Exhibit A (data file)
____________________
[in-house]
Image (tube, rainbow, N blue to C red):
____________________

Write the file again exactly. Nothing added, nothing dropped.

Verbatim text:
[in-house]
Image (tube, rainbow, N blue to C red):